- The Washington Times - Thursday, September 22, 2005

The Montgomery County Planning Board gave its staff authority to make major changes to site plans for the Clarksburg Town Center without notifying the board or the public.

A paragraph in a March 1998 opinion by the Planning Board authorized its staff to make significant construction changes at Clarksburg that usually are not allowed under the county code, said attorneys for Clarksburg’s developer and a board spokeswoman.

Those changes include the removal of amenities such as an amphitheater, ponds and a walkway that would have linked a historic church to the town center, and alterations in the layout of streets and blocks and the grading and elevation of properties and roads.

Residents have accused the developer, Newland Communities of San Diego, of violating legally binding site plans and county planners of helping builders evade detection.

“We request that the board conclude this matter and find that no violations exist,” Newland attorney Todd Brown said in a Sept. 7 letter to Planning Board Chairman Derick P. Berlage.

Planning Board spokeswoman Nancy Lineman agreed with Mr. Brown, saying staffers were given authority to make any changes that did not alter “fundamental findings” of the board.

“The board said, ‘This is the condition upon [which] staff can make changes,’” Ms. Lineman said.

Both the attorney and the spokeswoman cited “Condition 38,” which they said gave the staff its broad authority.

Condition 38 states: “The applicant may propose compatible changes to the units proposed, as market conditions may change, provided the fundamental findings of the Planning Board remain intact and in order to meet the Project Plan and Site Plan findings.

“Consideration shall be given to building type and location, open space, recreation and pedestrian and vehicular circulation, adequacy of parking etc. for staff review and approval.”

A co-chairwoman of the Clarksburg Town Center Advisory Committee, the residents group that uncovered hundreds of building height and setback violations in the 1,300-home development, disputed Mr. Brown’s interpretation of Condition 38.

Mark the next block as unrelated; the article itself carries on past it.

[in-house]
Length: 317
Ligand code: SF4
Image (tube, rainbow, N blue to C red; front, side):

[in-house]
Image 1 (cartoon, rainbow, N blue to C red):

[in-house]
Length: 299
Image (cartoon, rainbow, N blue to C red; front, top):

“This guy is blowing smoke, like he always does,” Amy Presley said, adding that the Newland attorney’s “entire case is resting on Condition 38.”

Mrs. Presley noted that the types of changes listed in Condition 38 are not allowed without Planning Board approval under the county code.

The code calls such actions “major amendments” that must be “taken by the Planning Board to amend or revise a previously approved plan, whether such amendment is limited or comprehensive in scope.”

A “minor amendment,” which can be approved by staff in writing, is any change “deemed to be administrative in nature and concern only matters that are not in conflict with the Board’s prior action,” according to the code.

For example, original plans for Clarksburg did not include the walkway, but it was added to the site plan and approved by the Planning Board in 1998.

“If the only way you can get it in there is by going before the board, the only way you can get it out is by going before the board,” Mrs. Presley said.

The walkway was removed by staff and builders without public notice or board review in 2003. There is no written record of the change.

Mr. Brown, a member of Bethesda-based Linowes and Blocher, one of Montgomery County’s largest and most powerful zoning law firms, said the change was vetted by a development review committee that included public safety, utility and planning officials.

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